PRAISE FOR THE CHURCH
Now we must go on to Psalm 138. “I will praise thee with my whole heart: before the gods will I sing praise unto thee. I will worship toward thy holy temple, and praise thy name for thy lovingkindness and for thy truth: for thou hast magnified thy word above all thy name” (vv. 1-2). The Psalmist says, “I will worship toward thy holy temple.” At this point, all that was in the Psalmist was the house and the city. In these last few Psalms how many times the Psalmist has referred to Zion and Jerusalem! “Blessed be the Lord out of Zion.” “If I forget thee, O Jerusalem.…” “If I prefer not Jerusalem above my chief joy.” The Psalmist was fully and thoroughly occupied by the experience of the house and the city. In the entire universe nothing was so precious. In the recovery of the church life you and I will come to such a stage. Day by day we will say, “Oh, the church! Praise the Lord for the church! Oh, look at the church! How much I prefer the church above my chief joy! I worship God for the church.” May the Lord bring us all to such a stage.
Verse 4: “All the kings of the earth shall praise thee, O Lord.” After the house and the city have been established, all the kings of the earth praise the Lord when they hear the words of His mouth. “Yea, they shall sing in the ways of the Lord: for great is the glory of the Lord” (v. 5). That means that they will praise the Lord’s way, the Lord’s doing. They will say, “Great is the glory of the Lord.” This is the reigning of Christ; this is the Kingdom of Christ, with Christ Himself reigning over the entire earth. In that day, all the kings of the earth shall praise Him, they shall sing praises regarding the way of the Lord, and they will say, “Great is the glory of the Lord!”
THE SAINTS CONTINUE TO ENJOY GOD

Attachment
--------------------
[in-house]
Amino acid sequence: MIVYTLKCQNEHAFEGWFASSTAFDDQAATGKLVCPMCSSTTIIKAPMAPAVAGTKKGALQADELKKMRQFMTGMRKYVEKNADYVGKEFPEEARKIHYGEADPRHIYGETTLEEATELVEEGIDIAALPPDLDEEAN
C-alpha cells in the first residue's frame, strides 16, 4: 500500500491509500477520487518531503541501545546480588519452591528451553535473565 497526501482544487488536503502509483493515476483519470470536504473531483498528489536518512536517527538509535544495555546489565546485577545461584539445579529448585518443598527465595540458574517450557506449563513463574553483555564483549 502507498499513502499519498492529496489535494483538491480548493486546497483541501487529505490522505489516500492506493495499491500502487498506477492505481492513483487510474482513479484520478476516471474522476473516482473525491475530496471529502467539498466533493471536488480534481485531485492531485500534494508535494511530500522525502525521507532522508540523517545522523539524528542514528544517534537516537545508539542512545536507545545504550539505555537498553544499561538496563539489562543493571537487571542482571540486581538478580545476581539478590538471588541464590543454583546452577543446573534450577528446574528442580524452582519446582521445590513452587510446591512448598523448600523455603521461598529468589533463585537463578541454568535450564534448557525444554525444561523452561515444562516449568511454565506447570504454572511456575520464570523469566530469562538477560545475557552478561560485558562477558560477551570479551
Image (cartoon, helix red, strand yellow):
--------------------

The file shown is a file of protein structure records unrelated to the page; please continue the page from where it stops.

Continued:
In the meantime, while the saints were praising concerning the house and city of God, they were still in the enjoyment of God. We have read Psalm 136, verses 1 to 3, concerning giving thanks unto the Lord, the God of gods and the Lord of lords, for His enduring mercy. Undoubtedly that is a kind of enjoyment of God.
Psalm 139:7 says, “Whither shall I go from thy Spirit? or whither shall I flee from thy presence?” The saints here were enjoying the Lord’s presence. It is clear from this verse that the Lord’s presence is simply the Spirit. I just cannot escape from this presence of His. What enjoyment this is! Hence, verses 17 and 18 say, “How precious also are thy thoughts unto me, O God! how great is the sum of them! If I should count them, they are more in number than the sand: when I awake, I am still with thee.” Oh, the thoughts of the Lord are so precious to us! We cannot tell how many thoughts the Lord has toward us, and all of them are so exceedingly great and precious. These verses tell us poetically how the saints, while they were praising the Lord for His move through the city to the earth, were still in the enjoyment of God. “When I awake, I am still with thee”—this is the enjoyment of God.